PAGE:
Washington, DC - September 17, 2013 - U.S. Senator Charles E. Schumer today announced that he has made an appeal to the Department of Homeland Security (DHS) to implement new measures that would help alleviate incredibly long lines for travelers using customs at John F. Kennedy International Airport. A recent report revealed that customs at JFK Airport was home to the longest wait times in the country, with the average delay during peak hours this August exceeding two hours. In a personal call, Schumer asked Acting DHS Secretary Rand Beers to have his agency immediately approve 40 new Automated Passport kiosk machines and work with all the major JFK international airlines to assign additional technology and personnel that can be deployed when wait times are longest. Schumer said that the automated kiosks have been piloted in airports like Chicago’s O’Hare and reduced wait times by up to a third, but JFK’s problems require both kiosks and new personnel.
According to the Port Authority, JFK contributes about $30.6 billion in economic activity to the New York/New Jersey region, generating approximately 213,000 total jobs and about $11.3 billion in wages and salaries. Schumer said that continued customs delays puts that economic impact in jeopardy. The conversation took place late last week, and Secretary Beers is now reviewing Schumer’s request.
“JFK is a gateway to America and it is a national embarrassment – and drag on the regional economy – that Customs lines there are so infuriatingly long,” said Schumer. “Fortunately, there are simple and affordable steps that the feds can take to speed things along, such as providing additional personnel and automated passport kiosks. The feds should take immediate measures to reduce lines and improve the traveling experience for tourists, business people, and all travelers entering New York through JFK. New York City is the world’s greatest city, and travelers shouldn’t have the world’s worst experience while getting here.”
Schumer called for two immediate measures to alleviate the lines. The first would have DHS to approve the installation of 40 automated passports kiosks at JFK’s Terminal 4, an immediate short-term measure to deal with unprecedented wait times there. The kiosks allow international travelers to use an automated machine to begin the process of moving through customs upon arrival, removing many of the basic administrative tasks normally performed by a CBP officer. In Chicago, these machines have helped shave wait times by a third for arriving passengers. CBP will need to work with airlines that request installation of these machines to connect them to the federal databases that screen passenger information.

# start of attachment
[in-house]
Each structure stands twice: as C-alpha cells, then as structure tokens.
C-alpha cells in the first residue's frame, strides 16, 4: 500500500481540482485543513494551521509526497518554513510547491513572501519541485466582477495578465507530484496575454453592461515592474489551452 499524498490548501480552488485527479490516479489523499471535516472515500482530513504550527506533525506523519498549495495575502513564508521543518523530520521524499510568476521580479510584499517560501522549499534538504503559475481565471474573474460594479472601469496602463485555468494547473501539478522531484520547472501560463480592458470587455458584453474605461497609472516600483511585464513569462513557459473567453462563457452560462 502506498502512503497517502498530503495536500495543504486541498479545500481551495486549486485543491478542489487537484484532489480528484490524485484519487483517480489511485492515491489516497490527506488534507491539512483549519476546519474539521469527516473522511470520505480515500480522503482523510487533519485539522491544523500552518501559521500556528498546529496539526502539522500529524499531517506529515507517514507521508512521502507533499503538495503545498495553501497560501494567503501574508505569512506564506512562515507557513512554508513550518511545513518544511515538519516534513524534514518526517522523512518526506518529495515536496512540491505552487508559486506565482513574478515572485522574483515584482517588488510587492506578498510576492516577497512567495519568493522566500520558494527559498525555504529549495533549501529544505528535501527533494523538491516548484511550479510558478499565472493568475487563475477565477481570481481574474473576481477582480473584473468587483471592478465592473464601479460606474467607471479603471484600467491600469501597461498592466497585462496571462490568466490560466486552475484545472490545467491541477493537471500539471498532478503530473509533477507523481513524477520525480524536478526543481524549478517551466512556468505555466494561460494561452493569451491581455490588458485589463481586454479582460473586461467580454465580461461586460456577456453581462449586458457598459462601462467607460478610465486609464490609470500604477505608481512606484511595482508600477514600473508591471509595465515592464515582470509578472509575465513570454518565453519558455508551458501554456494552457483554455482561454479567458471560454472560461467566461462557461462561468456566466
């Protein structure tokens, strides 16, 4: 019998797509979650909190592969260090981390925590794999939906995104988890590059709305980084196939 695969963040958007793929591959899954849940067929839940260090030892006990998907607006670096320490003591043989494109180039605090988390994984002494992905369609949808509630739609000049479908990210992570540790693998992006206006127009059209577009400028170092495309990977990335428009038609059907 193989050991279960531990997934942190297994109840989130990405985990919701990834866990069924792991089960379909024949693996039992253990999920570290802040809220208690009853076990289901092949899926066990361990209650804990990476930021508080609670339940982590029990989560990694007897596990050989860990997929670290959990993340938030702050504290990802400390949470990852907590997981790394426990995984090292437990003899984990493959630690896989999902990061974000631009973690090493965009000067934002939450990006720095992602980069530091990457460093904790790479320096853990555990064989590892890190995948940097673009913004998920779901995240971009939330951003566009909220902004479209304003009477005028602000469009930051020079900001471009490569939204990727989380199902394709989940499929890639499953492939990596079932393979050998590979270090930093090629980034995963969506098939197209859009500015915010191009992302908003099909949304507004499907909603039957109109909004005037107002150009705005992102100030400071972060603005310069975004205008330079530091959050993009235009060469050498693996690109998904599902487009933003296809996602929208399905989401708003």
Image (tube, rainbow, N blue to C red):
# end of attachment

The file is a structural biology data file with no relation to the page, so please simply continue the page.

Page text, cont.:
At the kiosks, passengers scan their passports, take a photograph, fill out the Customs declaration electronically and answer a series of questions verifying their personal and flight information. Travelers then get a receipt and present it and their passport to a U.S. Customs and Border Protection officer to finalize the inspection. Because most of the administrative work has been done at the kiosk, the stop at the CBP officer takers far less time. , which is a breeze because the heavy lifting was done at the kiosk. At Chicago O’Hare, wait times have been reduced by about a third, despite the fact that volume is up over 20%.
Schumer also requested additional Custom and Border Patrol agents at JFK and urged CBP to work with all of the airlines to better sync up staff schedules to deal with the arrival times associated with the longest waits at customs. He said that airlines are spending billions building new terminals, and that additional agents were needed to staff them. Schumer also said that additional personnel should be on the ground to be deployed during peak hours when lines get long, but that the airlines needed better access to CBP’s staffing models to help inform the agency how best to cut down on the longest waiting periods.
In the call, Schumer cited excessive wait times experienced at JFK:
- On July 1st at 6 AM, the wait was 140 minutes.
- On August 3rd at 4 pm, the wait was 120 minutes.
- On August 24th at 4 pm, the wait was 3 hours